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River Kent
River Kent in Kendal.JPG
The River Kent in Kendal
Country England
Physical characteristics
Main source Hall Cove above Kentmere reservoir
River mouth Morecambe Bay
Length 32 km (20 mi)
(location 2)
  • Location:
  • Average rate:
    3.74 m3/s (132 cu ft/s)
Basin features
River Kent
IUCN Category IV (Habitat/Species Management Area)
River Kent.jpg
River Kent near its source in Kentmere
Area 109.12 ha

The River Kent is a short river in the county of Cumbria in England. It originates in hills surrounding Kentmere, and flows for around 20 miles (32 km) into the north of Morecambe Bay. The upper reaches and the western bank of the estuary are located within the boundaries of the Lake District National Park. The river flows in a generally north to south direction, passing through Kentmere, Staveley, Burneside, Kendal and Sedgwick. Near Sedgwick, the river passes through a rock gorge which produces a number of low waterfalls. This section is popular with kayakers as it offers high quality whitewater for several days after rain. The village of Arnside is situated on the east bank of the Kent estuary, just above Morecambe Bay, and a tidal bore known as the Arnside Bore forms in the estuary at this point on high spring tides.

The river has been used as a source of power since at least the 13th century. In 1848, the construction of Kentmere Reservoir was completed, which was designed to ensure that millers had a more regular supply of water to enable their mills to operate throughout the year. There were corn mills and bobbin mills on the upper river, and the weir from the Staveley mill now supplies water to a turbine which generates electricity for the nearby industrial estate. Below Staveley there were three mills connected with the paper industry, the lower one of which is now the site of the paper manufacturer James Cropper PLC, although the current mill no longer uses water power. Within Kendal, there were mills serving the woollen industry, while the mill at Helsington was the last water-powered snuff mill in the country until its closure in 1991. Below Kendal, there were three mills making gunpowder, and the extensive ruins of New Sedgwick gunpowder mill still lie within the confines of Low Wood caravan park, which is owned by the National Trust.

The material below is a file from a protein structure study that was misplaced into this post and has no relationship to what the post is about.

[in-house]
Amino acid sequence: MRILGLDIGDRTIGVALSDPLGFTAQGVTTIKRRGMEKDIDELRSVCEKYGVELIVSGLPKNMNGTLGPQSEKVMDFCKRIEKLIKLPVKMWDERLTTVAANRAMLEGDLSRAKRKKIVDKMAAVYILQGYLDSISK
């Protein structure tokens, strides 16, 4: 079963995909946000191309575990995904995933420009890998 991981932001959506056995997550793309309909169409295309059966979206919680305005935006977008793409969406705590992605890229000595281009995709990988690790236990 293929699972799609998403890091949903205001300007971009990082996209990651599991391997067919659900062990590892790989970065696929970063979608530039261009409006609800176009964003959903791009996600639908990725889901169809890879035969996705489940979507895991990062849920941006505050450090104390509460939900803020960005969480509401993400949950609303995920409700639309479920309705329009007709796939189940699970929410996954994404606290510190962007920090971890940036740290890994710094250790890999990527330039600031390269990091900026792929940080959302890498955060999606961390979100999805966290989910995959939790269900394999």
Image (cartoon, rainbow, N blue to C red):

The river flows through the town of Kendal, which consequently suffers from flooding from time to time. One of the most serious floods was in 1898, but there was also extensive flooding in 1954 and 1968. In the aftermath of the 1968 event, a flood defence scheme was designed by the Lancashire River Authority, and implemented in six stages between 1972 and 1978. A major component of the scheme was the widening and deepening of the river between Nether Bridge and Miller Bridge, requiring the removal of 310 thousand cubic yards (240,000 m3) of spoil, which was reused as the base for a business park. A large lagoon was also constructed to the north of the town to act as a gravel trap. Despite the work, Kendal was again inundated in 2015, when flows in the river far exceeded the design flow of the channel. The Environment Agency published plans for a new set of defences to protect the town in 2018.

The river is a Special Area of Conservation, particularly because it supports populations of the endangered white-clawed crayfish. It also supports populations of three types of game fish, and the upper reaches have become important for the rearing of juvenile salmon since fish passes were constructed to allow fish to negotiate the weirs on the river in 1986.


The origins of the name of the River Kent are uncertain. The name is thought not to belong to the Germanic languages, and therefore to be Brittonic; but a precise etymology has not been identified.